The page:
17. The system according to claim 14 further comprising display means for displaying to an operator the contents of said one or more files for storing said output.
18. The system according to claim 17 wherein said display means is coupled to said one or more files for storing said output.
19. The system according to claim 15 further comprising display means for displaying said output to an operator, said display means coupled to said means for storing information at the application level.
20. A method for producing a work breakdown structure for a project comprising the steps of:
a) storing function point component information;
b) storing project task information separately from the stored function point component information;
c) combining the function point component information with the project task information to produce an output comprising combined function point component and project task information, and
d) storing said output.
21. The method of claim 20 wherein said function point component information is stored in one or more files.
22. The method of claim 20 wherein said project task information is stored in one or more files.
23. The method of claim 20 wherein said output is stored in one or more files.
24. The method of claim 20 wherein said means for storing function point component information and said means for storing project task information include means for storing common information and wherein the combining step described in step c includes a step of associating the stored project task information with the stored function point component information on the basis of the common information.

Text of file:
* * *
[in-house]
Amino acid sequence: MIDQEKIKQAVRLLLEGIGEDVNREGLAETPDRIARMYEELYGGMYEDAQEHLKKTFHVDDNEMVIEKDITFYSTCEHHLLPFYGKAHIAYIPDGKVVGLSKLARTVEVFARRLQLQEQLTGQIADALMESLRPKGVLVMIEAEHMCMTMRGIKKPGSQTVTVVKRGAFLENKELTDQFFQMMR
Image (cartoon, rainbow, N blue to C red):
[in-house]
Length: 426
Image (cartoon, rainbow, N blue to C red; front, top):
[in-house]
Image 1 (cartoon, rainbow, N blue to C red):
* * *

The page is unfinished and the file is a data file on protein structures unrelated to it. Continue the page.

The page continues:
25. The method of claim 24 wherein the function point component information includes a list of function point components, the project task information includes a list of project tasks and step c comprises the steps of:
c) reading said list of project tasks;
d) for each entry in said list of project tasks, selecting associated function point components on the basis of said common information stored in said means for storing common information and producing a list of associated function point components for each entry on said list of project tasks;
e) exploding each entry on said list of project tasks such that each project task is replicated for every function point component on said list of associated function point components.
26. The method of claim 25 wherein step e includes assigning a unique identification number to each project task.
27. The method of claim 20 further comprising a step of displaying said output to an operator.
28. A computer readable storage mechanism comprising:
computer readable means for storing computer programs, information and data comprising;
a WBS computer program;
project task information;
function point component information;
one or more files for storing an output;
wherein execution of said WBS computer program causes said project task information to be combined with said function point component information to produce work breakdown structure information.